The three judges went into a long discussion about the frustration of attorneys using misleading citations or quotes, and their biggest pet peeves.

Judge Michel in particular said he's been helping attorneys edit briefs in his post-judicial career, where attorneys will cite more than 100 cases even if only five or 10 are controlling. He said there's a "bad trend" of relying on dicta rather than holdings.

Judge O'Malley said she'd noticed this too, and that she makes her law clerks actually pull out the books to avoid that exact problem of misreading a case.

"Just because there's some great sounding language in a case, doesn't mean it's an appropriate case to cite," she said.

Overall, they raised concerns that attorneys are running computer searches to find good quotes, rather than focusing on what precedent is actually applicable.

"It's extraordinarily risky to cite a case without knowing what it held and what it's about, and the other side can wipe you out," Judge Newman said. "Just throwing in quotes out of context isn't going to deceive the decision maker. You just open yourself up for bad news."

All three were also concerned about briefs that use ellipses in quotes, with Judge Mitchel saying he always gets "nervous," and Judge Newman saying she's "suspicious" about what's left out.

"I cannot believe how many times there have been ellipses and what is missing changes the entire meaning of the quote," Judge O'Malley said. "The shock is always the same. My mouth is agape, but it still happens. Or without even putting in ellipses, someone will leave the word 'not' out. It's happened more than once."

She was also concerned that when there's a string of cases cited, at times not all of them will be relevant, so she makes her clerks check every time. She did acknowledge that this could be because a younger attorney is being pushed by a more senior lawyer, "but it's very disappointing."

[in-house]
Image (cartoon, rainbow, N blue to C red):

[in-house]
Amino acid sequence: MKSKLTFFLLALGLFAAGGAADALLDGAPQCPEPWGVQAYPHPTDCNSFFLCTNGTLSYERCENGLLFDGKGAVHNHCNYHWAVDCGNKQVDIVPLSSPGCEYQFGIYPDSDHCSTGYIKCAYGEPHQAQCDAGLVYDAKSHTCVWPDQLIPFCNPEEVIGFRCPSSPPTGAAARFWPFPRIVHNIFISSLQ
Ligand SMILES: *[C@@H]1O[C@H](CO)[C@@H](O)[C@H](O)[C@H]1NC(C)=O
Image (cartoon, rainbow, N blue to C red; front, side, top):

"I would rather have a five-page handwritten brief by Don Dunner, where every word of it was written by him, than the typical 65-page 14,000-word brief by a committee of lawyers, no matter how smart they are," Judge Michel said, referring to the well-respected Finnegan Henderson Farabow Garrett & Dunner LLP partner who died in 2019.

Judge O'Malley added that if a series of lawyers are working on one brief, it needs to be heavily edited to make sure it's all in one voice.

On another topic, she also expressed "frustration" about how the Patent Trial and Appeal Board disregards objective indicia of nonobviousness, which are factors that can be used to overcome an obviousness finding.

"The Patent Trial and Appeal Board doesn't care what any of us say about the importance of objective indicia. They're not going to look at them if it doesn't support the conclusion they want to otherwise reach, " Judge O'Malley said. "I think that that is a problem. Some cases have started to come around and understand it, and understand the importance of it, but I still think it's a hard pill for them to swallow."

The former chief judge also encouraged the others to give a glimpse into how they approach new cases. Judge Newman said she usually starts with the statement of issues, then moves on to the summary and then goes through the rest, flagging pages with sticky notes as she reads. Meanwhile, Judge O'Malley starts with the table of contents and the opening brief, and then goes straight to the lower court decision, and when applicable, the patent itself.

The talk also had a series of fun insights about the judges, including that Judge Newman is an "accomplished pilot" who flew herself from Long Island to her Ph.D. program at Yale University, and that Judge O'Malley is a "lifelong accomplished runner," according to Judge Michel.

--Editing by Regan Estes.

For a reprint of this article, please contact reprints@law360.com.